Graham Taylor

Modeling Human Motion Using Binary Latent Variables

Sample code provided by Graham Taylor, Geoff Hinton, and Sam Roweis

Permission is granted for anyone to copy, use, modify, or distribute this program and accompanying programs and documents for any purpose, provided this copyright notice is retained and prominently displayed, along with a note saying that the original programs are available from our web page.

The programs and documents are distributed without any warranty, expressed or implied. As the programs were written for research purposes only, they have not been tested to the degree that would be advisable in any important application. All use of these programs is entirely at the user's own risk.

Change Log

Instructions

  1. Create a separate directory and download mhmublv_code.zip into that directory
  2. Unzip the above file, preserving directory structure and filenames
  3. Download the sample data, data.mat and save it in the "mhmublv/Data" subdirectory that was created during the previous step
  4. To perform learning and generation, run "motiondemo.m" in Matlab
  5. The file, README.txt provides more details

Acknowledgments

The sample data we have included has been provided by Eugene Hsu:
http://people.csail.mit.edu/ehsu/work/sig05stf/

Several subroutines related to motion playback are adapted from Neil Lawrence's Motion Capture Toolbox:
http://www.cs.man.ac.uk/~neill/mocap/

Several subroutines related to conversion to/from exponential map representation are provided by Hao Zhang:
http://www.cs.berkeley.edu/~nhz/software/rotations
(Note: as of August 2008, it appears that Hao has moved and this link is no longer working)

Notes/FAQ

How did you go from Eugene Hsu's data.zip to the data structures skel,Motion in data.mat?

The MIT data has been obtained from Eugene Hsu (see link above). There is an archive here, data.zip including several motions in txt format.

The data.mat file I provide is only a portion of the sequence Normal1_M.txt from this dataset.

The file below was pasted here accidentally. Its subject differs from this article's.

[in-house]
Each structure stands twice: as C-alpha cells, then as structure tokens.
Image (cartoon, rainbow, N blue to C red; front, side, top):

Here's how I have generated the {skel, Motion} data structures in data.mat. In Matlab:

M = dlmread('insert_your_path_here/Normal1_M.txt','\t');

This reads the 108 columns in this tab-delimited text file into the Matrix, M. Each row represents a frame.
It also reads in a blank column, 109. So I discard it.

M(:,109)=[];

The meaning of the columns are described in the readme.txt in data.zip. You could replace Normal1_M.txt with any of the other text files.

To play this motion, with my player, you will need a skeleton. You can use the "skel" structure in my data.mat file. There is also a script in the Motion/ subdirectory called buildskel_mit.m which demonstrates how "skel" is built.

The skeleton is not part of the data on which we train the model, but we need it to play back the motion.

It describes the hierarchy of segments, and which segments correspond to which columns of the data matrix.

Note that you can play the motion with expPlayData.m:

figure(2); expPlayData(skel,M,1/120);

Note that the data is at 120fps and it is very big so this will take a long time.
This data is extremely noisy, so I have isolated some "clean" segments.

Motion{1}=M(551:2300,:);
Motion{2}=M(2621:3660,:);
Motion{3}=M(3791:163000,:);

I have not touched the data in any other way.

How can I use data from the CMU motion capture database with your code?

My scripts are compatible with acclaim format (I have used CMU data which is in amc/asf). I use Neil Lawrence's toolbox (see link above) to load an acclaim asf and amc file.

Just a note: I noticed that recent versions of his toolbox were giving me strange results on older versions of Matlab. It works fine for me on Matlab 7.5 or 7.6, so just a warning if the routines are giving you weird errors.

The relevant scripts are acclaimReadSkel.m and acclaimLoadChannels.m (you need to call acclaimReadSkel.m first as the skel structure needs to be passed to acclaimLoadChannels).

So for each sequence, this would give you skel, channels. The "skel" should be the same for multiple sequences of the same subject. Then I stick all of the channels (of varying length) into the cell array called Motion (i.e. for all ii, call acclaimLoadChannels and then set Motion{ii}=channels)

Then to use my code, Motion will need to be converted into exponential map form. The relevant scripts are in the Motion/ subdirectory. Given that skel, Motion are now defined, batchConvertCMU.m will take each sequence in Motion and convert it to exponential maps via the function euler2expmap.m.

This will actually return skel1,Motion1 and so you should just set skel=skel1; Motion=Motion1; (as my code expects these variable names).

Now your data should be in the right format to work with my preprocessing scripts.